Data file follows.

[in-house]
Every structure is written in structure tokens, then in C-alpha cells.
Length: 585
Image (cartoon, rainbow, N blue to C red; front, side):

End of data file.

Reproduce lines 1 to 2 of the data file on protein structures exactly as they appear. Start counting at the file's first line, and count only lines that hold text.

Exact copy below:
[in-house]
Every structure is written in structure tokens, then in C-alpha cells.